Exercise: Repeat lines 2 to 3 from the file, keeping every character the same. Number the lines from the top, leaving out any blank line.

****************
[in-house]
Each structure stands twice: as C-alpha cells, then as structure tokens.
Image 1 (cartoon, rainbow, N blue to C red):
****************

Each structure stands twice: as C-alpha cells, then as structure tokens.
Image 1 (cartoon, rainbow, N blue to C red):